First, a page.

Ask the Yangxifu: When Chinese Men “Disappear” in New Relationships

(photo by Maria Conejo via

Mary asks:

I’m…wondering about the “disappearing” as I had it happening not long ago with a Chinese guy that I had come to really really like … Not really disappearing in my case, but withdrawing any sign of romantic interest completely and abruptly decreasing communication after six months. I think what makes it hard and confusing is that those Asian men seem to be so caring, reliable and seriously be interested (compared to the men I see where I live) that when it happens it is very very surprising, hurtful and disappointing. Maybe Jocelyn could have a post that elaborates on this behaviour, possible reasons, and how to deal with communicating or acting around those men when it happens?


When Chinese men “disappear” from a relationship — something that, in my experience, normally only happens when a relationship is just getting started or in the early stages — there’s always a reason why…and the reason usually falls into one of the following categories:

  1. A negative experience he had with you — something you did or said that turned him off
  2. A negative experience you had nothing to do with — such as losing his job or failing a dissertation defense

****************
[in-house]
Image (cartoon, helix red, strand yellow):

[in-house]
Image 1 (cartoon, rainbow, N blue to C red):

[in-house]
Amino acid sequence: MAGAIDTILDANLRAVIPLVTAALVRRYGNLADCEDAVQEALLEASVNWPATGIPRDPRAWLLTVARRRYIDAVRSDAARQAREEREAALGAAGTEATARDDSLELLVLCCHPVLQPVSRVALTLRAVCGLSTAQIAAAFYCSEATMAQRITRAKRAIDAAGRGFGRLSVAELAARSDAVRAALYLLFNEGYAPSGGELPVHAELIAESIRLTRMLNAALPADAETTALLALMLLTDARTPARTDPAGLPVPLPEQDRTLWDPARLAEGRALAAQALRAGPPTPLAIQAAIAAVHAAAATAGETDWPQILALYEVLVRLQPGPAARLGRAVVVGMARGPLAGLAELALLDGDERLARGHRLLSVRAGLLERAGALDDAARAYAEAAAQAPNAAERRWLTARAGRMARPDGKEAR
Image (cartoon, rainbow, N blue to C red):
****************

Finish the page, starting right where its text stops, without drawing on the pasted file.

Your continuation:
3. Family opposition — for example, his parents don’t want him to marry a Western woman.

So first of all, ask yourself if you had anything to do with his disappearing act. It’s worth considering this since several of the women who submitted stories about love lost claim their actions/words played a role in turning guys off. Of course, I’m not suggesting you should rush to take responsibility if you had nothing to do with things! But if you realize you might have done something wrong, consider apologizing.

Otherwise, the reasons are either #2 or #3. If you think back, you might even stumble upon clues that suggest one or the other. But realize that he might not necessarily tell you the reason, and even if he does, he might not volunteer many details. From my experience, guys are usually more likely to tell you something if it’s a family-related reason, but not quite as likely to tell you if it’s a personal issue/crisis. (I’m reminded of a friend of mine — a guy from Central China — who failed graduate entrance exams several years in a row and during that time wouldn’t even contact one of his best friends.)

While we all want to know why someone “disappeared” from our lives, perhaps the more important question is how you might get them back? Here’s a thought — think about all the positives you shared with him in the relationship. What brought the two of you together? What strengths exist between you? Why did you ultimately fall in love? Go ahead, ponder these ideas, even write down your answers — and then, share them at some point with him. You could e-mail him or call him or text him, whatever seems most comfortable. It would remind him about all the good things you had together and maybe — just maybe — give him the motivation to come back. I know, I know, it’s a long shot. But as my husband’s advisor once said, if you have even a kernel hope, it’s worth 100% of your effort.